Soft

 
Illustration of a seated woman

I used to think my softness was a weakness.

 

That it stopped me climbing the ladder

to the mythical treasure trove of wealth and happiness

that awaits those who dare adventure to those dizzying heights

 

If I could grow a thicker skin,

Harden my heart,

Care less. 

Feel less.

Then I could make it to the top

and leave everyone else behind.

 

How wrong I was to wish my softness away

It could be my superpower (if I let it). 

 

It is the lightness I need to move among things

without shaping them.

To hear the landscape speak of its ancientness

and feel the pine scented breeze move through me

blurring my edges into the sunny fields.

 

Is it the slowness I need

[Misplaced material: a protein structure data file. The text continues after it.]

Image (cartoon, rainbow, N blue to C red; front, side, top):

to break from my task

and find my son watching me, grinning

hands above head,

toe curled against the softest of thigh flesh.

Reminding me to gather him up.

 

It is the openness I need

to fill my days with brief conversations,

so that I am rarely lonely

 

“I lived in Rhodesia for 35 years with my husband

I moved here last year

Even when it’s sunny I feel the cold”

She pauses

I sense the weight of her grief

and pause with her, to remember

the sensation of the African sun in her bones.

 

It is the kindness I need

to learn before I judge.

To quell the fires of my son’s tired anger

with love or a story

(even when I too am weary and cross).

 

How wrong I was to wish my softness away

It could be my superpower (if I let it).